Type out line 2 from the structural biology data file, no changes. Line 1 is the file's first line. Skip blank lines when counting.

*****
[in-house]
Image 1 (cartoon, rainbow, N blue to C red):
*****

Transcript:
Image 1 (cartoon, rainbow, N blue to C red):